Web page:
Archive for the 'Entrepreneurship' Category

Are you looking for answers in the wrong places?

This is a story about three small business owners who had one thing in common: a wise man named Luther. Oh, by the way, Luther is their janitor.

On Mondays, Luther cleans the offices at National Supply Co., Inc. Sometimes he talks with the founder, Mr. Gilbert.

One Monday afternoon Mr. Gilbert said, “Luther, I don’t know how long I can survive.”

“What’s wrong, Mr. G?” Luther asked.

“It’s those big-box competitors,” Mr. Gilbert said. “I’ve looked under every rock for ways to lower our prices and increase advertising, but I just can’t compete with those guys.”

“Maybe you’re looking in the wrong place,” Luther offered.

“What do you mean?” Mr. Gilbert asked.

“Those big competitors will always be with us,” Luther reminded him. “Why don’t you emphasize the value of the human connection and customized service that only a small business like yours can deliver? Those two things alone are worth more than anything the Big Boxes offer.”

On Wednesdays, when Luther cleans the offices at Central Data Corp., he often visits with the owner, Sarah.

“Luther, I always assumed my kids would take over my business, but now it doesn’t look like that’s going to happen,” Sarah lamented one day.

“Why aren’t they interested in the business?” Luther asked.

“I’m stumped, she said. “I’ve shown them the opportunity and how profitable the business can be. What else can I do?”

“Maybe you’re asking them to look in the wrong place,” Luther suggested.

“What do you mean?” Sarah asked.

“Sarah, I’ve noticed how much you love what you do,” said Luther, “even when times were tougher and things weren’t so rosy. From what I’ve seen, being an entrepreneur is as much about nourishing the spirit as growing the bank account. Help them think about that.”

On Fridays, Luther cleans the offices at Westco Dynamics, Inc. Mr. West usually talks with Luther for a few minutes, but he seemed pensive today.

“Luther, my family was so poor that we struggled just to survive,” Mr. West said. “When I left home, I vowed to never be that unhappy again.”

“Mr. West, it sounds like you’ve got something stuck in your craw,” Luther observed.

“Aw, it’s nothing,” Mr. West fibbed. “It’s just that, with all my money and stuff, I still can’t stop looking for ways to make sure I’ll never be poor again.”

“Maybe you’re looking in the wrong place,” said Luther.

“What do you mean?” Mr. West asked.

Then Luther said, “You’ve been motivated by the fear of being poor instead of the joy of creating something from nothing. Try finding happiness in knowing that you provide valuable products and services for your customers, and jobs and income for your employees and their families. Remember, money and stuff only give you options, not happiness.”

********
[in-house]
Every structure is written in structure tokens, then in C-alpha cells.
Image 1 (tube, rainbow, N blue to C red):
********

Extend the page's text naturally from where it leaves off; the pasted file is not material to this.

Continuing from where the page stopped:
Write this on a rock … When you’re looking for answers, make sure you look in the right places.

Four marketplace truths about your customers

Spend time in the marketplace and you’ll have many close encounters of the third kind with the most interesting species in all of nature: the human being. And as we have learned, the nature of humans isn’t much different from other animals: All need to breathe, eat, drink, procreate and survive.

But there is something that clearly sets humans apart from other fauna: sentience. And one of the manifestations of being self-aware is that beyond what humans need, they also want.

Every human who owns an automobile will need to buy new tires. But what they want is to keep the family safe while not spending a Saturday buying tires. So if you’re in the tire business, should you advertise tires, which are commodities that the Big Boxes can sell cheaper than your cost? Or should you develop and market a customer loyalty program that combines peace of mind for your family with pick-up and delivery? How about this tag line:

Let us worry about when you need new tires and get your Saturday back.

Basically the hairless weenies of the family animalia, human beings need shelter, but we want a home. So if you’re a realtor, should you focus on the obligatory list of residential features, or how the physical setting and interior space fit what you’ve learned is your customer’s sense of a home? Try this on:

Mrs. Johnson, countertops can be replaced. What I want to know is how much will you love seeing the sun rising over that ridge as you enjoy your first cup of coffee every morning?

Humans, like thousands of other warm-blooded species, need to eat every day, whether they get to or not. But unlike other animals, only humans want to dine. If you own a fine dining restaurant, do you emphasize the food, or the potential for a lasting memory? Check it out:

Long after you’ve forgotten how wonderful our food is, you’ll still remember that table for two in the corner or the booth next to the fireplace.

Small business success requires understanding these marketplace truths:

1. What customers need are commodities driven by price.

2. The price war is over, and small business lost.

3. What customers want is anywhere from a little bit more to everything.

4. Customers will pay more for what they want – charge them for delivering it.